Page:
Some of the earliest messages came from eastern Pennsylvania, where people recognized Fort Indiantown Gap, a Pennsylvania National Guard post used by the U.S. Army as a World War II training base. More than 150,000 American troops trained at the facility about 100 miles northwest of Philadelphia.

One photo shows a car coming toward the photographer on a snow-covered road. Buildings on the post are visible on the left and right and a water tower rises in the background.

“That water tower is still there,” said David Shaw, commander of the Pennsylvania-based World War II Federation. “In fact, in that photo, every building but one is still there.”

Bettweiser provided the federation with a number of images shot at Fort Indiantown Gap for a commemoration this week of the end of the Battle of the Bulge in 1945. The battle was a major offensive by the German Army through the forested Ardennes region in France, Belgium and Luxembourg.

More than 19,000 American soldiers were killed and another 70,000 injured in the largest and bloodiest battle of the war for U.S. forces.

Shaw plans to surprise some of the World War II veterans who will attend the weeklong event with enlarged prints of the images sent by Bettweiser. He said he hopes they will find joy in seeing those long-ago images from their training post.

“My favorite words to use are that they’re really neat, really cool,” said Shaw, who praised Bettweiser for developing the negatives and sharing the images. “It’s great that he got them and did such a good job with them.”



Elsewhere in the collection are photos showing troops sitting on the ground waiting for a train to arrive, and sitting aboard ocean ships. Several document a military funeral in France. There’s also a shot of the white cliffs of Normandy, with metal tank obstacles placed on the beach. In another shot, a couple of American soldiers peer into the engine compartment of a German tank.

There also are a couple of shots of a soldier, his left hand in his jacket pocket, half-smiling at the camera. Bettweiser wonders whether that might be the man who took the photographs.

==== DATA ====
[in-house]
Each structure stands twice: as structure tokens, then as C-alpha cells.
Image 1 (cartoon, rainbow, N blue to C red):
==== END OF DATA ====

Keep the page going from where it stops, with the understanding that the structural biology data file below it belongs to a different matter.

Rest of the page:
In one of the photos, the man’s head is partly cut out of the frame. In the other, it’s taken too far back, suggesting the camera might have been handed to someone else to take the pictures, Bettweiser said.

One roll was wrapped with two letters, one typed and one handwritten on a sheet of paper with a red Red Cross letterhead in the style given to soldiers to write home.

“They both seem very melancholy, kind of sad and depressed,” Bettweiser said. He wondered whether the unsigned letters were written by the photographer or were simply used as wrapping for the film rolls.

“The roll that these were wrapped in seemed to have no relationship to what was said in these letters,” he said.



Bettweiser said he’s been surprised by the large number of emails and phone calls he has received since the images were placed online two weeks ago. He said he received an email a minute last week.

“We’ve had so much research pouring in on the photos from World War II. People have been sending us stuff nonstop. It’s amazing,” he said.

Some viewers have re-created the photos by going to the same spot, shooting a modern photo and sending it to Bettweiser.

“One made a slide show with 10 different images. It was incredible. I was blown away that someone would do that,” he said.


On the Web: https://www.rescuedfilm.com/


Information from: Idaho Statesman, https://www.idahostatesman.com